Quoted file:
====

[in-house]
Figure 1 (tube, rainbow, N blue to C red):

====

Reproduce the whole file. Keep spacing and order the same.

[in-house]
Figure 1 (tube, rainbow, N blue to C red):